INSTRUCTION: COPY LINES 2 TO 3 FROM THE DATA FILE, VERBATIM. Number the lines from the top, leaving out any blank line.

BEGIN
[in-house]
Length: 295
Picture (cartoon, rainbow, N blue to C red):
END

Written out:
Length: 295
Picture (cartoon, rainbow, N blue to C red):